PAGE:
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Thursday, December 6, 2018

Trumpets and Bass

By Stef Gijssels

Not too much of an in-depth analysis, this time, just a quick overview of trumpet-bass duos released this year. An unusual format, but when brought to us by the best musicians, things can hardly go wrong.

Peter Evans & Barry Guy - Syllogistic Moments (Maya, 2018) ****


Here is what Barry Guy writes of this concert:
"Peter Evans and I have occasionally met in larger ensembles for special projects. This particular concert in Uster (Switzerland) within the PAM festival on 18. November 2016, allowed us to delve into the minutiae of duo performance where intense listening and decoding of intentions kept our minds and bodies in high alert. This occasion had us playing somewhat athletically, pushing and pulling ideas around, and to be honest, we both felt exhausted after the concert but also exhilarated. The joys of improvisation I guess…. and high speed communication".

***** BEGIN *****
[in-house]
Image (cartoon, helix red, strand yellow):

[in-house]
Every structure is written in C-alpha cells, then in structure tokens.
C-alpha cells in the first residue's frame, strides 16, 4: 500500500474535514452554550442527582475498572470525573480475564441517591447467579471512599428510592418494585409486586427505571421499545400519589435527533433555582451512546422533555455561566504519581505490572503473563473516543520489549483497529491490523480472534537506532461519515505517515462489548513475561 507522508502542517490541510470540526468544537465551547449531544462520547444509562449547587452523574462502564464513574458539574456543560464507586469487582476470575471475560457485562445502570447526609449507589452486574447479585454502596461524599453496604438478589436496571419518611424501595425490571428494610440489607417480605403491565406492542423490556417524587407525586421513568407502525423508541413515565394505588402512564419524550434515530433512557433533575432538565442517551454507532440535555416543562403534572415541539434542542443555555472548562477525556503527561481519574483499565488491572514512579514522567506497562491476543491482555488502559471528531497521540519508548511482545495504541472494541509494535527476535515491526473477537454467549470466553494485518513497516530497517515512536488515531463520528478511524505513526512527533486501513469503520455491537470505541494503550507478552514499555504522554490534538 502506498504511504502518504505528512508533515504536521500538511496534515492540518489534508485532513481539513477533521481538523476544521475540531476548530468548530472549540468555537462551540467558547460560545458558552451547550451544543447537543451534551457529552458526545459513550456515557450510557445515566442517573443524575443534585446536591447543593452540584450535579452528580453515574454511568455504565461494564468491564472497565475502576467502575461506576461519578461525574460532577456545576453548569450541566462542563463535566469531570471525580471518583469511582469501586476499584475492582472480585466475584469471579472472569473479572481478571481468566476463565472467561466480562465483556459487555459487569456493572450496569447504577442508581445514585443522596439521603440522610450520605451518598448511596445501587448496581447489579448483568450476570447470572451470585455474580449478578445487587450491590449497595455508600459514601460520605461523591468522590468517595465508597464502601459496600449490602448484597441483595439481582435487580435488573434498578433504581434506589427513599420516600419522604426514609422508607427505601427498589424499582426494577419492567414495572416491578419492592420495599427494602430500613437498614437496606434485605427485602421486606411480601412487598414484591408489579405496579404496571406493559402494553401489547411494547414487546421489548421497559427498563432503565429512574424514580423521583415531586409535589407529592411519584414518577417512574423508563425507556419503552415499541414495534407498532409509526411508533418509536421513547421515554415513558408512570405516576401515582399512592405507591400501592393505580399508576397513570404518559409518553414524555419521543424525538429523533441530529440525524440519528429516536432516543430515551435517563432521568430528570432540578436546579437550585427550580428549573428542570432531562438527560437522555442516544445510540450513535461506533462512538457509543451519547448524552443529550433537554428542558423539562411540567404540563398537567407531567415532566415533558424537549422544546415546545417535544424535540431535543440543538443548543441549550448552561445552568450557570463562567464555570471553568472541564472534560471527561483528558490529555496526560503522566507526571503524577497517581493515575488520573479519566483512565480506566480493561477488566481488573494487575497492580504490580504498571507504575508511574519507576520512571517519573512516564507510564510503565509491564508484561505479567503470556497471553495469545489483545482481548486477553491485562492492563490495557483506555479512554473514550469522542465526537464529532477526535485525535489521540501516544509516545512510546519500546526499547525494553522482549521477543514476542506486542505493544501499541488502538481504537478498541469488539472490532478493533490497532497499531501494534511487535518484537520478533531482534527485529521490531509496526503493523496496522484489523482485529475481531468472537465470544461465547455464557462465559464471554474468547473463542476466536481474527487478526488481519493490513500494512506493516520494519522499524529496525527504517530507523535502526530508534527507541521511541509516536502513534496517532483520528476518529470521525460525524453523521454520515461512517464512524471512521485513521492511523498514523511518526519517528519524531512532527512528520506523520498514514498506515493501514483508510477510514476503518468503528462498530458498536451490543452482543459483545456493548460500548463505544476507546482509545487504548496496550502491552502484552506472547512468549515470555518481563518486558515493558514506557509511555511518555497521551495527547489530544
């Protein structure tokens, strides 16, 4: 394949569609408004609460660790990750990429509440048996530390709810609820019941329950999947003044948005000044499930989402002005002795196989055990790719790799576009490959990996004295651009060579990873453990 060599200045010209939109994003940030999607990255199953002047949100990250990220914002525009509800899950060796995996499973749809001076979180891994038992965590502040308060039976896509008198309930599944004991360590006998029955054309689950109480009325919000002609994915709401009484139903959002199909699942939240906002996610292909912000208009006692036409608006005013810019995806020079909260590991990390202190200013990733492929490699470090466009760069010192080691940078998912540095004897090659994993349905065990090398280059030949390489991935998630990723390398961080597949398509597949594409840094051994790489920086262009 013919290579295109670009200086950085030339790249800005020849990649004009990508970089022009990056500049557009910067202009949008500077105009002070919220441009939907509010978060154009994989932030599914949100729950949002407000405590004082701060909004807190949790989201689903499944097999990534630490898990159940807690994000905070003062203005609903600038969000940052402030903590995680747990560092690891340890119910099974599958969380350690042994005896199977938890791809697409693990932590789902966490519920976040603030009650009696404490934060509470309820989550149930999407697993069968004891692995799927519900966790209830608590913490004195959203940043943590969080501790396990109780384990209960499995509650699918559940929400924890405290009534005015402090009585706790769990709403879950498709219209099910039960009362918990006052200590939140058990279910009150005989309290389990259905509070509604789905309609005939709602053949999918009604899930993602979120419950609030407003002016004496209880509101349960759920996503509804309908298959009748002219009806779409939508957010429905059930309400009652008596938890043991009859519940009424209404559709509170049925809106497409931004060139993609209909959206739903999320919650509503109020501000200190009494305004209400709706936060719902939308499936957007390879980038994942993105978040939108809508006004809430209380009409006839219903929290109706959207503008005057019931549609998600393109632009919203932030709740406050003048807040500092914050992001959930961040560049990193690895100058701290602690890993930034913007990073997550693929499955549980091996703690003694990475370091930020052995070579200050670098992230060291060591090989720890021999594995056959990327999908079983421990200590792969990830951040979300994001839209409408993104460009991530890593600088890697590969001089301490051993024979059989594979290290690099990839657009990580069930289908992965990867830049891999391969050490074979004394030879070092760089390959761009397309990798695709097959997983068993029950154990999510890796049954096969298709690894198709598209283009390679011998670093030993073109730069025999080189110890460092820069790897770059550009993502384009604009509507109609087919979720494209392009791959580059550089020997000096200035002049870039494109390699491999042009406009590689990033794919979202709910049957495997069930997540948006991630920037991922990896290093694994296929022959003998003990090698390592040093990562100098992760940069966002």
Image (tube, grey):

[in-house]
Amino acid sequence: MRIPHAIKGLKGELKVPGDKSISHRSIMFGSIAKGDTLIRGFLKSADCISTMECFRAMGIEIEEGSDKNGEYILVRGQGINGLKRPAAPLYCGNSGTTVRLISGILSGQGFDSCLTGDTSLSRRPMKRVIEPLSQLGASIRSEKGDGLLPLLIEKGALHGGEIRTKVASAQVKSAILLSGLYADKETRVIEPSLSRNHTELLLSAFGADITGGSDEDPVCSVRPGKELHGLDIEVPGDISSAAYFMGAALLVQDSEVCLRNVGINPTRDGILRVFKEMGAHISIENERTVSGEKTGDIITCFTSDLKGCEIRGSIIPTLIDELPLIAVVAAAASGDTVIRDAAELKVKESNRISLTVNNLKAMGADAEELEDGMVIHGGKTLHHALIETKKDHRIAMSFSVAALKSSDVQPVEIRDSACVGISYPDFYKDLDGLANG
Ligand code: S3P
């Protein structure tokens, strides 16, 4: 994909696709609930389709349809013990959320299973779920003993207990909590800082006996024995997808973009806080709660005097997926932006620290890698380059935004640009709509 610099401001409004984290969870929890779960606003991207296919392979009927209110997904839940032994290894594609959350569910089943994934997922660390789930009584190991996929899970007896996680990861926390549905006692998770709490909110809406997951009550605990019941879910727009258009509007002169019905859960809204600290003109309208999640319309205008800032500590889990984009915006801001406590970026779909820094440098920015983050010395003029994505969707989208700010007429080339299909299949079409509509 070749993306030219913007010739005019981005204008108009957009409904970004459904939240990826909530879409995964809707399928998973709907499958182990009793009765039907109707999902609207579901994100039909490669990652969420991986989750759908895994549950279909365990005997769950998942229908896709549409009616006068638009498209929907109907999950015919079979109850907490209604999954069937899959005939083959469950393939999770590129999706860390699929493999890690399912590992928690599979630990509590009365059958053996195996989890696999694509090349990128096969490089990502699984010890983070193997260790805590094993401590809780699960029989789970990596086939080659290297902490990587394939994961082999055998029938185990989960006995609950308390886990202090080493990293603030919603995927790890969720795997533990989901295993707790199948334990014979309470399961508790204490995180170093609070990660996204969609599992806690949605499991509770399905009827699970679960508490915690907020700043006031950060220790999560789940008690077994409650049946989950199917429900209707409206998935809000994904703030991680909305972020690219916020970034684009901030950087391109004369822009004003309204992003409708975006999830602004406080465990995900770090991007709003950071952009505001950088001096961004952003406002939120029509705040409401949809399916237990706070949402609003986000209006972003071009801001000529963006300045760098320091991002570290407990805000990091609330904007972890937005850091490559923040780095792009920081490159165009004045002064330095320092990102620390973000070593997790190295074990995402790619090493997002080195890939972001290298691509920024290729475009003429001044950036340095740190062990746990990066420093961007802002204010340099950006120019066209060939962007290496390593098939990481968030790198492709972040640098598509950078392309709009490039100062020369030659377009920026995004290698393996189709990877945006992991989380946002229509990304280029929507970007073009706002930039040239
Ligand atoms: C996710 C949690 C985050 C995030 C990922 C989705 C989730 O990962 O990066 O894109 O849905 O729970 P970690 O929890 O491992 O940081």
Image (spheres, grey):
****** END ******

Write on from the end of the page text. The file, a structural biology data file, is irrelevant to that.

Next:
It is an athletic performance indeed. Peter Evans is one of the leading voices on trumpet today, demonstrating new possibilities, timbres and musical exploration. The British bassist needs no further introduction. Both are very audacious musicians, extremely disciplined in their technique combined with extreme rebelliousness in their sound. A rebelliousness that is not only directed at destroying existing norms, but equally, and probably even more so, to show new creative options, new possibilities of sonic exchanges and impact, but then at a rare level of abstraction.

This is very headstrong music, without any compromise to the listener, and that's how we like it. That's how borders move, how frontiers of expectations get expanded.

A more in-depth analysis can be found in Colin Green's review of the same album.

Wojciech Jachna & Ksawery Wójciński - Conversation With Space (Fundacja Słuchaj, 2018) ****